“As far as I know, we’re the only ones with a complete, no-portland product,” says Leo Kahl, vice president for marketing with CeraTech Inc. in Alexandria, Va. “Our materials are comprised of a high percentage of fly ash as well as other materials.” CeraTech’s proprietary powder is simply dry-mixed with fly ash and aggregate. “Our process is not even manufacturing,” Kahl says. “It just comes together at the point of use, so there’s absolutely zero carbon footprint with this product.”
Two versions are available. Surfix, a pigmentable and stainable gray overlayment, can rehabilitate concrete surfaces as a final application or as a substrate. Artkote, a white overlay product that can be colored and stamped, is particularly suitable for decorative finishes. Both products are intended for underroof or indoor purposes only, and neither requires a bond coat.
VCAS (Vitreous Calcium Alumino-Silicate) is a white pozzolan made from glass-fiber manufacturing waste. Literature from the manufacturer, Vitro Minerals, says producing its product requires 99 percent less energy than an equivalent amount of portland cement. Replacing 20 percent of cement with VCAS increases paste volume 4.2 percent given a fixed water-to-cement ratio.
“Our material has all the same attributes as fly ash for replacing cement — low water demand, good physical properties,” says Jerry Turner, Vitro Minerals’ marketing manager. “Our advantage is that our material is white. In a stampable mix, we can replace roughly 20 to 25 percent of the cement. Our material makes the mix very smooth and creamy. It helps fill the fine areas in the mold or stamp, so installers get very good detail.”
“VCAS greatly reduces efflorescence and greatly reduces or eliminates alkali-silica reaction problems,” Turner says. “With time, our material reacts with the sodium hydroxide, but not so fast that surface stains don’t take hold. As the material continues to react over time, it makes the concrete less porous, so the colors stay bright and more permanent.”
VCAS plus GFRC
Steve Silberman and Tommy Cook, co-owners of Absolute ConcreteWorks in Poulsbo, Wash., use a combination of methods to reduce their use of portland cement. “Our mix design for most all of our products is glass-fiber reinforced concrete, or GFRC,” Silberman says. “Because it’s so dramatically stronger, we are able to pour it much thinner. Our basic structures are typically poured 3/4 inch or 1 inch thick — there, initially, we’ve reduced our use of portland cement by up to 50 percent, because industry standard is a 1 1/2-to-2-inch-thick pour.”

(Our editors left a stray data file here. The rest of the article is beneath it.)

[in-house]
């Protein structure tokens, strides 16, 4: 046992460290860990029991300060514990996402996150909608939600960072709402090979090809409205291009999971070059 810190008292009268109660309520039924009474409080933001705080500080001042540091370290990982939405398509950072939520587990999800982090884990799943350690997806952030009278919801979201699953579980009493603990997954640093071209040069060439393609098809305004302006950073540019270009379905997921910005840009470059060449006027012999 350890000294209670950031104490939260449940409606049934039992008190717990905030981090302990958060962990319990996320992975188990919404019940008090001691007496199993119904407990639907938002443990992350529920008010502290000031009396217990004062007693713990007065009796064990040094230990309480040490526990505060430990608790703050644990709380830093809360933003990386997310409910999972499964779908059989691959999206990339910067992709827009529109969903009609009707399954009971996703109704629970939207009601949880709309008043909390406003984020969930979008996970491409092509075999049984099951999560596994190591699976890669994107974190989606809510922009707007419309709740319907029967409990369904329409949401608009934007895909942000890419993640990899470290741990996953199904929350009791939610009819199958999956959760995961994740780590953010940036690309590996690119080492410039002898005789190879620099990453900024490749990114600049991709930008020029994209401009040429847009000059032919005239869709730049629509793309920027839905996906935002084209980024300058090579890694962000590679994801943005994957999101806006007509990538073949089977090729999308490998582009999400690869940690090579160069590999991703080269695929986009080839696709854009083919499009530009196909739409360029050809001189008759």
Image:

Using Vitro Minerals’ VCAS enables the company to reduce its overall portland use by up to an additional 22 percent, Cook adds.
Silberman adds that their GFRC mix uses no gravel, which has to be quarried. “If you’re looking at it from an overall green and sustainability perspective, the elimination of the gravel from the structural integrity is another eco-friendly element.”
The Deco-Poz concrete resurfacing system uses a mixture of 75 percent white portland cement and 25 percent white, recycled glass pozzolan. “Deco-Poz can be stained or coated with just about any material,” says John Bennett, president of Eco Safety Products Inc. “It has more porosity than a hard-troweled concrete or one that’s very dense with curing compound, so it actually becomes a little easier to stain.”
The product, consisting of a powder and a liquid polymer, offers another green benefit. “Our system can be applied over existing asphalt, adhesive or mastic,” Bennett says. No primer is needed, no substrate has to be removed and dumped in a landfill, and there’s no need for stripping, which creates hazardous waste.
“You can put Deco-Poz over glass, old Mexican tile or Formica tops,” says Sam Dalrymple, co-owner of Xiascapes in Carefree, Ariz. “We’ve done the insides of swimming pools with it, on top of plaster that’s rotting away.” Dalrymple says the 6,200-psi strength is double that of other products.
Making a choice
Comparing the greenness of these alternatives gets complicated because many factors are involved. The most obvious are recycling versus mining virgin materials and calculating energy consumption during production. Others, like eliminating the need to remove and discard old substrates, are less apparent. And the choice often involves trade-offs. “If you happen to be near a cement plant and they happen to be using old tires as the fuel for making that cement, isn’t that a little bit greener, versus buying (a pozzolan) that has to be shipped across the country?” Girard asks.
As Kermit the Frog said, it’s not easy being green.